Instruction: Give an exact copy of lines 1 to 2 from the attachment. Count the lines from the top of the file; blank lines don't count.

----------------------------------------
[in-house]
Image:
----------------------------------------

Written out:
[in-house]
Image: